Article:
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J Clin Microbiol. 1995 November; 33(11): 2833–2838.
PMCID: PMC228589

Molecular epidemiology of toxigenic Vibrio cholerae in Bangladesh studied by numerical analysis of rRNA gene restriction patterns.


Cholera is endemic in Bangladesh, and a regular seasonal pattern of cholera epidemics occurs. We examined the clonal relationships among 103 clinical and environmental Vibrio cholerae isolates belonging to O1, O139, or non-O1 non-O139 serogroups isolated during epidemic and interepidemic periods in Bangladesh and compared them with those of 51 V. cholerae isolates from four countries in Asia and Africa. These studies were done by a computer-assisted numerical analysis of the restriction endonuclease cleavage patterns of rRNA genes (ribotypes). Unweighed pair-group cluster analysis of BglI- and HindIII-generated band patterns revealed 16 clusters. Ribotypes were defined as clusters of strains possessing > 98% similarity. The results showed that 154 isolates could be differentiated into 15 different ribotypes, and strains belonging to 3 of these ribotypes (ribotypes I, V, and VIIIA and VIIIB) were isolated more frequently during the epidemic periods than during interepidemic periods in Bangladesh. Classical vibrios belonged to six different ribotypes (ribotypes I to VI), with a mean similarity coefficient of 0.84, and the El Tor vibrios belonged to five different ribotypes (ribotypes VIIIA and IX to XII), with a mean similarity coefficient of 0.82. A single clone of El Tor vibrios (ribotype XII) was resident in Tanzania, whereas Nigeria, Syria, and India shared toxigenic El Tor strains with Bangladesh. Cholera toxin (CT)-positive O139 vibrios isolated from Bangladesh and India belonged to a single ribotype (ribotype VIIIB) and were > 98% similar to one of the ribotypes of El Tor vibrios (ribotype VIIIA), but a CT-negative O139 vibrio from Argentina (ribotype XIII) was < 75% similar to the same cluster of El Tor vibrios, thus suggesting more than one possible origin for O139 vibrios. Strains belonging to the same ribotypes (ribotypes VIII to X) were isolated from both patients and surface water in Bangladesh, indicating possible transmission through surface water. A clone of a CT-positive environmental isolate of non-O1 V. cholerae (ribotype VII) was found to be closely related (76.3% similarity) to a clone of classical vibrios (ribotype I) and was only between 27.2 and 56.1% similar to clusters of El Tor, O139, and two other non-O1 nontoxigenic clones.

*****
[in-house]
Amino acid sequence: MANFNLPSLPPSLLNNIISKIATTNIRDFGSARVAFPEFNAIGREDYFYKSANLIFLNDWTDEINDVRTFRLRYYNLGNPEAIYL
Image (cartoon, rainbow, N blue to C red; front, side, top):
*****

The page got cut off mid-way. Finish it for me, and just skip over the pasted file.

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Selected References

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